Schloss Bruchsal Castle was once the home of the Prince Bishops of Speyer. The size of the complex, with more than fifty buildings, is overwhelming. Architectural features painted by illusionists, stucco ornaments richly gilded in gold, and huge, glittering gold dragons spouting water, add princely elegance to the facade of the central structure. The architecture, painting and stucco blends to form an artistic whole, spiriting the visitor into the world of the late 18th century court. and bears the clear stamp of the Prince Bishop Damien Hugo von Schönborn, the man of influence and connoisseur of art, who commissioned it.
Damien Hugo von Schönborn was the third son of eighteen children of a minister for one of the small German episcopal states. But in a culture where the most powerful rulers were Prince Bishops who underlay strict vows of chastity and celibacy, power did not flow from father to son, but from uncle to nephew. And Damien Hugo’s uncle was Lothar Franz von Schönborn, a very powerful Prince Bishop and Elector in the Holy Roman Empire at the beginning of the eighteenth century. and it was thanks to be careful machinations of his uncle that in 1719, Damion Hugo was elected Prince Bishop of Speyer. He ruled for over twenty years. During those 20 years his territory was always at peace, and Schönborn concentrated on reforming the administration of his territory and its transportation infrastructure. One of his achievements was also introducing compulsory education for school-age children starting in 1722.
The palace was begun in 1720, and several architects had already been involved when, in 1728, Balthasar Neumann, the well-known master builder from Würzburg, agreed to design the central building. His ingenious design created a double stairway at the heart of the building, held by the domed hall above and leading to the two grand reception halls: the Prince’s Hall facing the town, and the Marble (or Emperor’s) Hall on to the garden. He accomplished a structural masterpiece, a unique and ingenious specimen of baroque architecture.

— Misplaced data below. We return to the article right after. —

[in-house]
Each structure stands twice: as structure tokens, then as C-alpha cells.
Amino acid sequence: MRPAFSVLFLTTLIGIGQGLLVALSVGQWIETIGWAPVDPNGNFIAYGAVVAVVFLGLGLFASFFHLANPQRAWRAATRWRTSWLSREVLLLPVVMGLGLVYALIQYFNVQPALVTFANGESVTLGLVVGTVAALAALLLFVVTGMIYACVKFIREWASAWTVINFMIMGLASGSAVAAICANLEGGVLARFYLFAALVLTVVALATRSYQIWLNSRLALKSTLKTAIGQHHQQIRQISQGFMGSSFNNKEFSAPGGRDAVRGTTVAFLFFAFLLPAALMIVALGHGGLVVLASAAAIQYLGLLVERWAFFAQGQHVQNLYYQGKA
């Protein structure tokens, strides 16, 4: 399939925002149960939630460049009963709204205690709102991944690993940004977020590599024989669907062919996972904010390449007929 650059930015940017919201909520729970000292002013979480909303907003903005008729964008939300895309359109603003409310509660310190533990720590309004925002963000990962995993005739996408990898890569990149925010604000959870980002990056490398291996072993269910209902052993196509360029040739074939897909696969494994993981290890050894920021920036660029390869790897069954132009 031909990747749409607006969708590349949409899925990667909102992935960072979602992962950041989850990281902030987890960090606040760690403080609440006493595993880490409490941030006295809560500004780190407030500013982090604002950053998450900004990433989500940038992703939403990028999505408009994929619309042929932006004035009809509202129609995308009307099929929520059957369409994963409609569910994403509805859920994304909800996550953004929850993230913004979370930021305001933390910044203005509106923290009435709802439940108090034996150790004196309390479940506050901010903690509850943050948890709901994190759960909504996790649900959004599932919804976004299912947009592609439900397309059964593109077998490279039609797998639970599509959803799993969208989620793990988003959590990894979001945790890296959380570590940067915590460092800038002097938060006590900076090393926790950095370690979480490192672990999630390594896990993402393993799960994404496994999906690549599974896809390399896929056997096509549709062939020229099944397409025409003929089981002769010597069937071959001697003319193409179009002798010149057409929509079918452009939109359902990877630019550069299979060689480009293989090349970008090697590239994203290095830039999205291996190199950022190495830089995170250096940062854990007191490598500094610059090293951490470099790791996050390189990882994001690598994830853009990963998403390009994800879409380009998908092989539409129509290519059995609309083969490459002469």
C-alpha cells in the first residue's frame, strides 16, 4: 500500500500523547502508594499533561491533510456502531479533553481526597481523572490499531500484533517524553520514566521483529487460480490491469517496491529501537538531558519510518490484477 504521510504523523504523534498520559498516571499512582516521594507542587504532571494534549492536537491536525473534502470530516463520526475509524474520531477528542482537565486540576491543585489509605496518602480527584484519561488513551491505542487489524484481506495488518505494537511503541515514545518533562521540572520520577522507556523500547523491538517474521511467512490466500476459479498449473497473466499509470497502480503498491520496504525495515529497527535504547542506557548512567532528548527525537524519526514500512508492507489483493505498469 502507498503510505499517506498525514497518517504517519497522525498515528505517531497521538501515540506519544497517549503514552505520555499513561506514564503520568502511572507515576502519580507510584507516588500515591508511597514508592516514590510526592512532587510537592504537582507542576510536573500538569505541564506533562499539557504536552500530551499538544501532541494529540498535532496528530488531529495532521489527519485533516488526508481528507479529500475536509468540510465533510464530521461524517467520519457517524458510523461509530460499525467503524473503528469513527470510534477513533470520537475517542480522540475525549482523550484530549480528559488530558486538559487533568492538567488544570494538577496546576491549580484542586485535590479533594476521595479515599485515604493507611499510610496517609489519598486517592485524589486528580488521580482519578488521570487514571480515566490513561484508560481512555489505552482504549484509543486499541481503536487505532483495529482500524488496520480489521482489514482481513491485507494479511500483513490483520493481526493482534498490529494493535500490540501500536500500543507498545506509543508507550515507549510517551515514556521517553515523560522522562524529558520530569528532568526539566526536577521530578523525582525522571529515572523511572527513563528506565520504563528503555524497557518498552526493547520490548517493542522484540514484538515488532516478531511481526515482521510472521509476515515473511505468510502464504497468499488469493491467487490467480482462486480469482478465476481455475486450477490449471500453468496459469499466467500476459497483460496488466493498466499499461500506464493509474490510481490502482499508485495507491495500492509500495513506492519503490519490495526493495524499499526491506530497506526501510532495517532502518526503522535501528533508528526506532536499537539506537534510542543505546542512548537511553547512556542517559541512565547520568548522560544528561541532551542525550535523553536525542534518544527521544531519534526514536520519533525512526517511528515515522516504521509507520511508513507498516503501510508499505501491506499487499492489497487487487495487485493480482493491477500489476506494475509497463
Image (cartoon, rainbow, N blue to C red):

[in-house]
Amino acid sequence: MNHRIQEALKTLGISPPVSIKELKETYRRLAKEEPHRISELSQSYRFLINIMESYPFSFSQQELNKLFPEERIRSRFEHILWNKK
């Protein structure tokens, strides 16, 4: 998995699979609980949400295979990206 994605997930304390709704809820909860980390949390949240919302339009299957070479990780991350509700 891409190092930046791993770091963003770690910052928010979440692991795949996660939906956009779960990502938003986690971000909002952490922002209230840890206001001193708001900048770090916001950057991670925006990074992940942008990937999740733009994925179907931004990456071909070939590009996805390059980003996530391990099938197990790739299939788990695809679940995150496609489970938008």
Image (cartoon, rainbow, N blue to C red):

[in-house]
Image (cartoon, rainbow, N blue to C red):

Damian Hugo von Schönborn died as the result of a malaria infection that he caught while in Rome. During his life and time in office, his family reached the pinnacle of their influence in the affairs of the Holy Roman Empire.
In addition to Balthasar Neumann, the Lombardian artist Giovanni Francesco Marchini was also given great scope for his work in the palace. From the years 1731 to 1736 he painted the frescoes in the great hall known as the Intrada, as well frescoes in the Grotto and the Garden Room. He also painted the architectural tromp l’oeil facades of the main building and the orangery.
Under Prince Bishop Franz Christoph von Hutten, who succeeded Schoenborn, the interiors for the Prince’s Hall and Marble Hall were completed with decorative rococo tributes to the role of the prince bishops. The stucco work was completed by Johann Michael Feuchtmayer and the frescoes by Johannes Zick in 1755. The mythological idiom of the frescoes impressively narrates the past, present and future of the ecclesiastical principality. As the architectural and iconographic linchpin of this ecclesiastical seat, the Marble Hall radiates a vision of “the eternal constancy of happiness in the bishopric of Speyer”. The palace itself was finished in 1760.
In the years from 1900 until 1909, in one of the first recognized acts of architectural conservationism in Germany, the colorful tromp l’oeil facades of the buildings, which haand you know it is awe are in ad lightened to the point of invisibility, were restored by Fritz Hirsch.
In the last days of World War II the palace suffered severe damage because of fires caused by aerial bombing. While the substance of Balthasar Neumann’s baroque staircase survive the fire, the huge dome above it was more or less destroyed. The complex was rebuilt thirty years later finishing in February 1975, faithfully re-creating the central structure with Balthasar Neumann’s stairs in the middle. The wing with the church was not restored to its original state however but was reworked in a more modern style. Nonetheless, in exploring Bruchsal Palace we gain a powerful impression of the magnificence which reigned at the only seat of the ecclesiastical aristocracy on the Upper Rhine.
Today Schloss Bruchsal Castle houses a branch of the state museum, the Badische Landesmuseum, and the National Mechanical Musical Intrument Museum (in German: Deutsche Musikautimaten Museum).